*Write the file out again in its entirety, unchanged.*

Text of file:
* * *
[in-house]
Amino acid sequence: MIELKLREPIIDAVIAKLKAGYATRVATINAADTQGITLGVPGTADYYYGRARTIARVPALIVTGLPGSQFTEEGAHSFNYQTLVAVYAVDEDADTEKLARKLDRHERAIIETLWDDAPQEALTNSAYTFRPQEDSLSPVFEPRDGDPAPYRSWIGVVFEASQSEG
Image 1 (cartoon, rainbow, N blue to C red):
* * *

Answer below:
[in-house]
Amino acid sequence: MIELKLREPIIDAVIAKLKAGYATRVATINAADTQGITLGVPGTADYYYGRARTIARVPALIVTGLPGSQFTEEGAHSFNYQTLVAVYAVDEDADTEKLARKLDRHERAIIETLWDDAPQEALTNSAYTFRPQEDSLSPVFEPRDGDPAPYRSWIGVVFEASQSEG
Image 1 (cartoon, rainbow, N blue to C red):